Remember a few months ago I told you I wanted to read Eating Animals, by Jonathan Safran Foer? Well, I did… and it changed my life. There’s so much I wish to write about it, but I’ll just start by quoting part of page 255, after a testimonial from a factory farm worker describing the brutal treatment inflicted upon pigs:
Just how common do such savageries have to be for a decent person to be unable to overlook them? If you knew that one in one thousand food animals suffered actions like those described above, would you continue to eat animals? One in one hundred? One in ten? Toward the end of The Omnivore’s Dilemma, Michael Pollan writes, “I have to say there is a part of me that envies the moral clarity of the vegetarian…Yet part of me pities him, too. Dreams of innocence are just that; they usually depend on a denial of reality that can be its own form of hubris.” He’s right that emotional responses can lead us to an arrogant disconnect. But is the person who makes an effort to act on the dream of innocence really the one to be pitied? And who, in this case, is denying reality?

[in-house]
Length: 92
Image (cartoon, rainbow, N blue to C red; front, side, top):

To be continued…
P.S. Shortly after reading this book for the second time, I decided to become a vegan.